12 July 2013 The United Nations refugee agency said today it is concerned about reports of a number of flights carrying Syrians being turned back from airports in Egypt, and reiterated its call on all Governments to admit and protect Syrians who have fled the conflict in their country.
According to the UN High Commissioner for Refugees (UNHCR), the Syrian nationals that were turned back were returned to where their flights originated, including Damascus and Latakia.
This follows a decision on 8 July imposing new visa requirements, under which Syrian nationals are required to apply for a visa and security clearance prior to their travel to Egypt. UNHCR noted that the Egyptian Embassy in Damascus does not currently have the capacity to issue visas.
“I appeal to the Egyptian authorities, as I have to all other Governments in the world, to admit and protect all Syrians seeking refuge in their country,” High Commissioner for Refugees António Guterres said.
“I fully understand the challenges faced by Egypt at the present moment. But the traditional hospitality of the Egyptian people should not be denied to Syrians trying to flee the most devastating and dangerous conflict in the world today,” he added.
Civilians inside Syria have been under siege for over two years as the Government and opposition groups seeking to oust President Bashar Al-Assad continue to do battle. As many as 100,000 people have been killed, almost 2 million have fled to neighbouring countries and a further 4 million have been internally displaced since the conflict began in March 2011.
UNHCR stated in a news release that it has formally expressed its concern about the change in Egyptian policy with the Government, noting the country's great support since 2011, particularly in generously hosting hundreds of thousands of Syrian refugees.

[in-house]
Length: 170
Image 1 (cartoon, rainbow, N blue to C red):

“We urge the Egyptian authorities to do their utmost to ensure the continued protection of all who are in need of international protection, and to refrain from returning Syrians without a proper assessment of their protection needs,” said the agency.
UNHCR has registered almost 72,000 Syrian refugees in Egypt. Around 18,000 individuals await registration and plans for mobile registration in Alexandria and Damietta are under way. The Egyptian Government estimates that around 250,000 to 300,000 Syrian nationals currently reside in its territory.
Egypt has been grappling recently with its own political crisis, which escalated last week with the military removing President Mohamed Morsy from power amid widespread protests in which dozens of people were killed and wounded. The Constitution has been suspended and an interim government has now been set up in the country, which has been undergoing a democratic transition following a revolution two years ago.
Meanwhile, UN High Commissioner for Human Rights Navi Pillay and UN Emergency Relief Coordinator Valerie Amos today issued a joint statement in which they urged immediate safe passage for civilians and aid workers in the Syrian cities of Homs and Aleppo.
“We are extremely alarmed at the escalating violence in Homs and Aleppo, and the humanitarian and human rights impact on ordinary people,” they stated. “We understand that up to 2,500 people remain trapped inside Homs, where there are reports of continuing shelling, use of long-range weapons and ground attacks using tanks. The presence of armed opposition groups inside residential areas also increases the risk for civilians.
“We call on all parties to immediately halt all actions that might result in civilian loss of life, to grant immediate safe passage to allow civilians to leave Homs and to allow humanitarian aid to get in. Negotiations on this continue but neither the Government nor armed groups have provided sufficient safety or security guarantees for civilians or aid workers,” they said.
The two officials added that UN agencies and humanitarian partners are helping people who have managed to leave Homs for safety in nearby towns and villages. Food and other basic supplies have been pre-positioned so that they can be delivered in Homs as soon as safe access is permitted, while humanitarian agencies continue to bring vital aid to communities in need in Aleppo and elsewhere.
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